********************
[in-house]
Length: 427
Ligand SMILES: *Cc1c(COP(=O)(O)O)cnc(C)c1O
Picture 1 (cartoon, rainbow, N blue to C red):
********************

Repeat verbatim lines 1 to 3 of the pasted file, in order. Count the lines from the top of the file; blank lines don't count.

[in-house]
Length: 427
Ligand SMILES: *Cc1c(COP(=O)(O)O)cnc(C)c1O